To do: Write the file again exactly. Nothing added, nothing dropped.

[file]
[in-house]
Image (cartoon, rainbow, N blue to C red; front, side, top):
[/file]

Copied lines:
[in-house]
Image (cartoon, rainbow, N blue to C red; front, side, top):